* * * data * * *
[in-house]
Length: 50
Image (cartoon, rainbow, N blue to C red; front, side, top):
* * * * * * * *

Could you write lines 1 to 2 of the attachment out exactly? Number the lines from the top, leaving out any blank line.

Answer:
[in-house]
Length: 50